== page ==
In this systematic review and meta-analysis, we searched MEDLINE, Embase, and Web of Science for articles published on or before Nov 5, 2015, reporting soil-transmitted helminth prevalence before and after distribution of albendazole or mebendazole, either targeted to children or delivered to the whole community. We excluded studies in which drug delivery was restricted to infected individuals or to a subset of the community or school, or if follow-up time was less than 3 months or greater than 18 months after drug delivery. We extracted data on study year, country, drug administration strategy, drug dose, number of deworming rounds, treatment coverage, diagnostic method, follow-up interval, and soil-transmitted helminth prevalence before and after treatment. We used inverse variance weighted generalised linear models, with prevalence reduction as the outcome variable, to examine the effect of mass versus targeted drug administration, as well as baseline prevalence, number of drug doses, and follow-up time. This study is registered with PROSPERO, number CRD42016026929.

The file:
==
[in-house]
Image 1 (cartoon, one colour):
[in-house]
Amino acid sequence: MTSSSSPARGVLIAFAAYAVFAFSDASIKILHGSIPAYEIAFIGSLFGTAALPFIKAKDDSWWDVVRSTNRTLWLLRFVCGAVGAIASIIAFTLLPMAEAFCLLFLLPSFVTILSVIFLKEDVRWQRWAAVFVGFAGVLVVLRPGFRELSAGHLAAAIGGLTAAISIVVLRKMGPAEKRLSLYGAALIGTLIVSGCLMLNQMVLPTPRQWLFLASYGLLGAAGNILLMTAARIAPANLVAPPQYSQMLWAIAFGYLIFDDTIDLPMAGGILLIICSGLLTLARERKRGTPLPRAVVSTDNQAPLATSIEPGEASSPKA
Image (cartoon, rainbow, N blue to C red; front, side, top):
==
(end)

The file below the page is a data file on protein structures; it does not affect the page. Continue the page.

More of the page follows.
Findings

Of 10 538 studies identified, 56 studies were eligible for the systematic review and 38 of these were included in meta-analysis. Results of the regression models showed that mass deworming led to a significantly greater reduction in prevalence in children than targeted deworming, for both hookworm (odds ratio 4·6, 95% CI 1·8–11·6; p=0·0020) and Ascaris lumbricoides (16·4, 2·1–125·8; p=0·0092), with no effect seen for Trichuris trichiura. There was significant heterogeneity across studies; for targeted studies I2 was 97% for A lumbricoides and hookworm, and 96% for T trichiura, and for mass studies, I2 was 89% for A lumbricoides, 49% for hookworm, and 66% for T trichiura.